This article was originally published in October 2014 by Michael Polkinghorne and has been amended to reflect additions and subsequent changes to the law.
Take-or-pay provisions are now fairly common in long-term offtake and supply agreements in the energy sector, a notable example being gas supply agreements.
In essence, take-or-pay provisions provide that a buyer must pay for specified quantities of energy (gas, for example) from a seller, even if the buyer is unwilling or unable to take such quantities. At the most basic level, take-or-pay clauses require the buyer either to purchase and take delivery of certain quantities of gas, or to pay for the gas regardless of whether it takes delivery.
The aim of these provisions is to ensure that the seller will receive a guaranteed stream of revenue under the agreement, irrespective of the quantities actually taken by the buyer. They often operate where the supplier has had to undertake substantial debt and capital commitments in order for the project to get off the ground in the first place. (At the same time of course, buyers have themselves often had to undertake commitments as well; consider re-gas facilities in an LNG project.)
Although take-or-pay clauses are widely used, the rules applicable to such clauses, under most national laws, are not fully settled. The concern frequently expressed is whether these provisions constitute a form of penalty which a court or arbitral tribunal should not enforce.
One need only take the (rare) situation where a buyer cannot take a quantity of gas but must still pay for it, and couple that with the (rarer) case where the seller is thereby able to sell that gas to someone else. Under a traditional take or pay scenario, the buyer will not be able to claim a credit for the other sale, and so the seller is in effect paid twice. The question then arises, is the fact that the buyer is being asked to pay an amount over and beyond the seller’s actual loss a matter for concern? And if so, should the provision be held unenforceable as a penalty clause?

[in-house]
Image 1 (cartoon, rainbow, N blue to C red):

One argument against this is that, in the context of gas contracts agreed between large and experienced companies on the basis of legal advice, take-or-pay provisions are not unreasonable and parties should be held to their commercial bargain. This argument is strengthened by the frequent mitigation of the potentially harsh effects of take-or-pay clauses by the use of one or more of the mechanisms. A second argument is based on the fact that one of these mechanisms which is often included is "make-up", where the buyer can reclaim the gas for which it paid at a later date. Where the buyer does eventually take the gas, the situation may (depending on the wording of the contract) no longer be a breach of contract and could instead be characterized as delayed performance. The initial payment should not therefore be viewed as a penalty for a breach of contract. Other technical arguments of a more legal nature seek to characterize the underlying obligation as a simple debt or an obligation subject to an order for specific performance. These arguments explain why courts and tribunals called upon to review take-or-pay clauses have generally tended to uphold them.
This article is intended to shed light on some of the uncertainties surrounding the legal treatment of take-or-pay clauses, by presenting an overview of the practice of take-or-pay conditions in gas supply contracts and reviewing how these clauses are interpreted and enforced in common law and civil law systems, as well as under European Union and certain Arabic laws.
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